Monday, April 14, 2008

URGENT REQUEST: Calling All Preggos and Former Preggos!

I have a special and urgent request for all of you who are currently pregnant, have been pregnant, or heck, like to put in their 2 cents on important issues! PLEASE RESPOND VIA COMMENT FUNCTION BY THURSDAY AT THE LATEST!

My friend, let's call her PIXIE (and this is not an imaginary friend) is in a class on universal design. She is exploring how a pregnant woman's needs change as pregnancy progresses (e.g. the picture of me in the "expectant mother" parking space). PIXIE would love if we could all weigh in on some additional examples of universal design, or areas in which we need universal design for preggos. Additionally, comments on society's response to what is in place or what should be in place is appreciated.

A more targeted question: do OB/GYN offices do anything in particular to pregnant women?

Some of my own thoughts:

For the first 18 weeks of my pregnancy, I would say that the only accommodation I was seeking was a sturdy waste basket to be attached to anything within arms reach of my body. That included my car, office, restaurants, grocery stores, etc. Truly, I was so sick, and actually losing a fair bit of weight, that I didn't notice the physical difficulties associated with pregnancy. Now that I am on the chunkeroo train, I have noticed quite a few changes that make every day life a little more difficult.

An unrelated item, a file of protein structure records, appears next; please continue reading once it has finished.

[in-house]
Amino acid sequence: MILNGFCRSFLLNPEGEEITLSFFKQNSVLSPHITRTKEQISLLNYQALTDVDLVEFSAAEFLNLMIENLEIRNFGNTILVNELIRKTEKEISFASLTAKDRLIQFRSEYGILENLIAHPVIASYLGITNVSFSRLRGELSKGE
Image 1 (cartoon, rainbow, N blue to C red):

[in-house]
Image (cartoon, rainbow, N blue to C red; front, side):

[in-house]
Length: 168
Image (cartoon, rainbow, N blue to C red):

Pregnancy can affect a woman's ability to reach and bend, but it can also affect balance as well as the ability to breathe easy. I am not quite at the point where I am dramatically affected by my bodily changes, but do notice things are more difficult: tying shoes, shaving, walking up stairs, etc. I also notice strange toilet seats are too low. I don't like my belly sitting on my legs. Exploring my office environment a bit more, my desk is currently okay, but I can imagine that many people have trouble pulling up to a desk with a belly. There are a few places that have "expectant mother" parking, but I have only seen 1 in Atlanta, and there certainly is not one at my office complex (the irony is that the closest entrance, the back "freight" entrance, is always sprinkled with smokers, so my shorter walk is tainted with cigarette smoke).

I am finding seat belts to be uncomfortable now, too. I haven't figured out a way to make it so that the lap belt part doesn't hurt my lower belly.